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High school gaming program to impact talent pool

Posted by Alana Siceloff on Apr 13, 2016 9:50:56 AM

DSC_0231.jpgOrlando is known as a tech hub with a well-trained talent pool, and now even grade school students are getting in the game with programs that start early and classes that carry up into high school and college levels.

Thanks largely in part to the dedication of education leaders to enriching and sustaining Orlando’s rich talent pool for companies locating and expanding in the region, Orlando’s top-notch talent is consistently replenishing workforce for this innovative industry.

For example, Harmony High School in Osceola County has launched a unique class to teach students how to code and create computer programs and games. This type of education couldn’t come at a better time as Orlando is exploding into a thriving, bustling epicenter for innovation and creative tech.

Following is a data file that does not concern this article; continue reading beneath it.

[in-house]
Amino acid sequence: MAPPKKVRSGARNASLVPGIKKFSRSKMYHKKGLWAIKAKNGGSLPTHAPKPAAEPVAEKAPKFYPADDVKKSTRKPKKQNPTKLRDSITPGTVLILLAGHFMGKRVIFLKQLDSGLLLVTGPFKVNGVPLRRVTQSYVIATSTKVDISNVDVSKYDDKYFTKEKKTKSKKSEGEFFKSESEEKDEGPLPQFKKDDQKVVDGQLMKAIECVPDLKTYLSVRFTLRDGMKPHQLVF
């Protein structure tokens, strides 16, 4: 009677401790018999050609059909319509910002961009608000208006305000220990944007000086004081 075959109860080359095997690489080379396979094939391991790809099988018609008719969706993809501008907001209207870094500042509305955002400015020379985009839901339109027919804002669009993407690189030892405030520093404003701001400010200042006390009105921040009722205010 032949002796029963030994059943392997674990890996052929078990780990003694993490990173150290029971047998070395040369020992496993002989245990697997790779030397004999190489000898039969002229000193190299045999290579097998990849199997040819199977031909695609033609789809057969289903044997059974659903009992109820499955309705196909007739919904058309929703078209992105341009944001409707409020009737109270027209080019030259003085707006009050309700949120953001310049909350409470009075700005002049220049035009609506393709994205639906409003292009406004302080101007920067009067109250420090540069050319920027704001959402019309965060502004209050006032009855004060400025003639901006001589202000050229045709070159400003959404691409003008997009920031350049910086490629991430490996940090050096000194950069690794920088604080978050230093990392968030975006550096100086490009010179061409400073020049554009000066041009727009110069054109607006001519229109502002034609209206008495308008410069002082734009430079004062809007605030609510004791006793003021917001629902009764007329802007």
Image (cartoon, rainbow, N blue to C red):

In fact, according to the JLL Technology Office Outlook report Orlando’s tech employment growth is surging at 11.8 percent annually, making the region the 5th market in the nation for tech employment growth (only ranking behind San Francisco, Austin, Las Vegas and New York City) and among the top 25 tech markets overall in the U.S.

This is only the beginning of tech-based curriculum at Harmony High School, as the school system looks to add an Advanced Placement (AP) class within the following year to further the program and allow students to gain expert-level skills.

Orlando has a long history of tech, which includes gaming giants like EA Tiburon who continues to stay in the region for its easy access to the well-developed talent pool. A talent pool that is built by top industry schools like Full Sail University and the University of Central Florida’s Florida Interactive Entertainment Academy (FIEA).

Topics: Innovative Technologies, Education

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